The term “gold overlay” applies to two methods, “gold filled” and “rolled gold plate.”
Gold filled pieces have 5% or more gold applied to a base metal. They are described by the amount of gold overlay and its karat. For example, a piece may be stamped 1/20 14K G.F. That means it has a 14 Karat gold layer that makes 1/20 of the weight.
Rolled gold plate is similar, but the gold can be as thin as 1/40 of the weight. It is also stamped by fineness and content, 1/40 14K RGP.
Gold platings are the thinnest and least expensive. The gold is a few thousandth of an inch thick at best. These wear off easily.
On all the above, you must exercise great care. You cannot take a filled piece to the polishing wheel. While it may be 1/5 gold overall, the layering gets thinner on the edges as it is worked. You can easily polish down to the base metal on the edges, ruining the piece.
This white metal has had an illustrious history, at times being more highly valued than gold. Long used as a medium of exchange, its name is synonymous with money. Today, silver has found many new uses including photography, batteries, auto glass defogger, magnetic strips, etc.
Its most outstanding feature is its luster. Silver will take a higher polish than any other metal. It has the singular drawback that it tarnishes. Metal smiths often use this feature to highlight certain design elements. Modern chemicals easily remove tarnish, but the fact remains that silver needs more care than the other precious metals.
Silver is more abundant and much less expensive than gold or platinum. This has a lot to do with its popularity. Some jewelry styles, like the Native American, rely strictly on silver.
Silver is more difficult to work than gold, because it conducts heat so well. Beginners often learn soldering on this less expensive metal. When they graduate to gold, they find it easier to control the heat.
Silver is also alloyed. Most common is “Sterling” meaning .92.5% with the rest usually copper.
Mexican Silver usually 95% silver and 5% copper.
Coin silver 90% silver, 10% copper by US standards.
Britannia Silver is at least 95.84% silver.
Other European alloys are 87.5%, 83% and 80% silver. Some South American silversmith’s use an 80% allow that does not tarnish. The actual alloy should be stamped on the jewelry.
Electrum is a natural alloy of gold and silver. It was popular with the ancient Egyptians. Since it is in its natural form and not alloyed, the silver to gold ratio varies.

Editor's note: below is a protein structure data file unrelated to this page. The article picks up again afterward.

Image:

Niello is a black mixture of silver, copper, lead and sulfur. It is used to fill in designs. Is more like enamel than an alloy.
Nickel or German Silver are misnomers, as they have no silver in them at all. Instead, they are various alloys of nickel, zink and other metals with a silver appearance.
Quicksilver is an ancient term for mercury. “Quick” meaning alive, as in the quick and the dead.
Platinum is rarer and more expensive than gold. Its unsurpassed holding power and durability makes it a premium jewelry metal. This non-tarnishing, white metal is considered ideal for setting white diamonds.
The oldest record of platinum use is as an inlay in ancient Egypt. However, the Egyptians though it was a variation of electrum, (a natural blend of gold and silver.) Native Americans used it for centuries in small decorative objects. Platinum was unknown to Europeans until Spanish discovered it in Columbia. The Spanish called it platina, meaning little silver. It was not identified as a new metal until the 1700’s.
Due to its high melting point, (1755 C, or 3190 F,) platinum would not yield to old-fashioned blowpipes unless combined with arsenic. This was extremely dangerous and the white metal did not become widely used until invention of oxyhydrogen torch in the mid 1800’s.
Today, half of US and a quarter of all platinum worldwide is used for catalytic converters. (Catalytic means catalyst; it causes chemical reactions in other substances while remaining unchanged.) US Bureau of standards uses platinum for weights. Platinum never oxidizes, it remains the same forever.
Platinum is not a single metal, but a group of similar materials. The group includes platinum, iridium, palladium, ruthenium, rhodium, and osmium. Platinum is the most abundant. Rhodium is popular as a non-tarnishing plating for white gold, silver, and other platinum metals. All but osmium are used for jewelry.
The most common alloys include 90% platinum and 10% iridium, or 95% platinum and 5% ruthenium. Ruthenium makes for the harder and stronger alloy.